The line drive was sinking, and sinking fast, maybe too fast in right-center field for Mookie Betts to slide his glove underneath the baseball before it grazed the grass.
But Betts’ instincts, perhaps unmatched in the world of baseball, took over. His jump was instant and his angle from center field was direct. He completed his pursuit with a dive just in time to have the ball off Tommy Pham’s bat land in the heel of his glove. He secured it with his right hand, rose to his knees, pounded his chest and howled up at the black sky.
“I just kind of blacked out,” Betts said after the 2-0 Dodgers victory. “I was in the moment, playing the game. I just knew that when the ball went up in the air I had to go catch it, and that’s what I did.”
Said Dodgers starter Clayton Kershaw: “It’s just another reason why he’s the best.”
Kershaw logged six scoreless innings, extending his scoreless streak to 18. He had eight strikeouts to two walks and generated 16 swing-and-misses.
Yu Darvish countered by surrendering a run on one hit across seven innings, that run scoring on a bases-loaded walk to Kershaw. He had nine strikeouts and two walks.
The Dodgers have won eight straight games and 13 of 14. Four of those eight wins have come by shutout. They enter Sunday 4½ games ahead of the Padres (9-7) in the National League West standings and looking for a sweep in a series that has matched the hype preceding it.
The series opener Friday night featured a stupefying mishmash of highlights, oddities and escalated emotions. The teams combined for six errors. The benches cleared. Corey Seager slugged a leadoff two-run home run in the 12th inning. A pitcher (David Price) hit a sacrifice fly off a position player (Jake Cronenworth) to a pitcher (Joe Musgrove) in left field.
By the end of the long night, both sides openly acknowledged what the world around them already heartily recognized: this was a rivalry.
“It was a like a playoff game,” Dodgers manager Dave Roberts said after his club’s 11-6 win.
The intensity was heightened again Saturday and spiked in the bottom of the fourth inning. The game had been a taut pitcher’s duel until Kershaw fired a fastball by Jurickson Profar. The pitch was over the plate and initially called strike three.
But Profar protested, arguing that he hit Austin Barnes’ glove with his half swing, which should’ve been a catcher’s interference and given him first base. The umpires decided to review the play. Kershaw then erupted, shouting at Profar from in front of the Dodgers’ dugout. Profar yelled back from first base as the benches half-emptied.
“I’m not saying it was intentional, but that was not a big league swing,” said Kershaw, who added that he had a problem with Profar’s swing because he could’ve hurt Barnes. “I asked the umpire if I can just hit the catcher’s glove every time. I’ve got a much better chance to do that than hitting the ball.”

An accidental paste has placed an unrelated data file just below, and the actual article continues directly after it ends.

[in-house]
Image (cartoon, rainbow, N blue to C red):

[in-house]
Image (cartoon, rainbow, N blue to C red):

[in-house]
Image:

Catcher’s interference was ruled, but Kershaw got Cronenworth to fly out to end the inning.
Ultimately, the difference Saturday was manufactured by Kershaw. Not with his slider or curveball or even with his bat. But with his eyes.
The bases were loaded in the fifth inning when Kershaw walked to the plate to face Darvish, who was suddenly on the ropes.
His perfect game was ruined three batters earlier when he hit Zach McKinstry’s back foot with a breaking ball. The next batter, Luke Raley, ended his no-hitter with a single to center field. Barnes then walked to load the bases and pin the inning’s fate on Kershaw, a .161 career hitter.
Darvish inexplicably fell behind 2-0 before he found the zone. Kershaw took the next pitch for a strike before fouling off the three subsequent pitches. Darvish then fired two balls, the second just off the plate that Kershaw took for a walk to push across the game’s first run.
“Just trying to be annoying, really,” Kershaw said. “I wasn’t going to get a hit off of him. He’s got too good of stuff.”
The Padres had their best scoring chance against Kershaw in the sixth inning. Trent Grisham worked a leadoff walk. Two batters later, Manny Machado cracked a single to left field to put runners on the corners for Wil Myers.
The Dodgers shifted their infield against the right-handed-hitting Myers, who hit a ground ball to Chris Taylor behind second base. Taylor backhanded the ball, sprinted to second base and threw to first to squash the threat.
The Dodgers held the one-run edge until Justin Turner slammed his fifth home run of the season in the ninth inning for the Dodgers’ third and final hit of the night. The margin held up because Betts made a play few of his peers can match.
Betts had to cover 52 feet in 3.3 seconds. The data estimated that the line drive had a 10% catch probability. For Betts, it was another highlight on a growing reel.
“It just speaks to why,” Roberts said, “he’s arguably the best all-around player in baseball.”
This story originally appeared in Los Angeles Times.